The challenges which come with my job are similar to those of other large global organisations. Namely, co-ordinating multiple geographic locations and time zones, as well as tailoring marketing activities for locations can be challenging and a longer process than you would normally like. However, this brings with it great insight and learnings into how varied markets operate and customer demands across the globe – which is invaluable for us.
E: What kind of goals do you have? What are the most useful metrics and KPIs for measuring success?
BC: We have a lot of goals in digital, as you can imagine, but the main one that drives us is our customers. We look at a number of leading and lagging KPIs to drive focus such as search engine results, social engagement, ratings and reviews, CRM database growth, Net Promoter Scores, e-commerce results and media efficiency and effectiveness.
This gives us a view into whether all our various programs are helping to drive a better experience for our customers and ultimately drive better business results for Philips.
E: What are your favourite tools to help you to get the job done?
BC: My favourite tool and one that is invaluable for our teams is our Digital Command Centre. This is a large bank of screens displaying real-time performance of marketing efforts across the business. Using the Digital Command Centre, my team is able to draw from the global marketing, ecommerce, CRM, communications, and IT departments to get insights in to the mind of our customers and therefore better inform our decision making, centred around our customers’ needs.
E: Which brands have you been impressed by recently in your sector or across digital?
BC: For me personally, Suitsupply (a retail brand from Holland) has been really impressive in the digital space, after taking a hyper digital approach both in-store and online in order to grow across the globe.
The company brings digital into traditional brick-and-mortar stores using digital signage throughout which displays the Suitsupply branding and also information gleaned from social channels, sales data received in real-time and actual customer feedback, to paint an authentic picture of the brand for customers.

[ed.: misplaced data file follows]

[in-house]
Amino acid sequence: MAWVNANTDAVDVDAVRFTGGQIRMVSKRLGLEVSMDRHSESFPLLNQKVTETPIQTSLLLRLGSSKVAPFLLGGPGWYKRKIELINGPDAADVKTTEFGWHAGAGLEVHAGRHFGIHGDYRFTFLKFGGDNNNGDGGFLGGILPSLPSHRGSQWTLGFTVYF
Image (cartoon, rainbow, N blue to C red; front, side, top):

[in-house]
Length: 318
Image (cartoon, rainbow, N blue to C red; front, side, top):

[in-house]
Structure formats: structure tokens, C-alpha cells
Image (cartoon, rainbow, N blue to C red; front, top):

What’s also impressed me is that Suitsupply use social messaging applications to offer a hyper-personalised customer experience but are also really innovative and have even been using Uber Rush for urgent deliveries and transporting customers to stores at speed – which I personally think is a great example of brand innovation through tech.
Adidas too has impressed me by taking the bold step to shift more of its ad budget away from traditional channels like TV, to digital channels with a focus on mobile as this is where many of its customers are. It’s inspiring to see a brand make a bold move like this but makes complete business sense and I think that many others will follow suit, if they haven’t already done so.
E: Do you have any advice for people who want to work clientside for a big company like Philips?
BC: My advice for anyone looking to work for a large organisation is to have a global mindset and an interest in working across geographies, on a large scale. For working at Philips specifically – where we have a company goal of impacting three billion lives a year by 2025 – a true interest in having a tangible, positive impact on the world around us and a desire to work for a company which values this, is paramount.
Ultimately, improving lives and customer experiences is core to our business as a healthcare technology company – from our medical devices in hospitals to our Health Suite and Philips Foundation supporting humanitarian causes – so an interest in healthcare innovation contributing to a better world is vital.